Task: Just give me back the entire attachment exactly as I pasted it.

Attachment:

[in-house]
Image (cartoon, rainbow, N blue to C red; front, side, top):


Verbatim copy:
[in-house]
Image (cartoon, rainbow, N blue to C red; front, side, top):